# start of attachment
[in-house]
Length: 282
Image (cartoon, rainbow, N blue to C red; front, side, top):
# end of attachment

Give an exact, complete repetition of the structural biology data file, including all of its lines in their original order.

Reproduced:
[in-house]
Length: 282
Image (cartoon, rainbow, N blue to C red; front, side, top):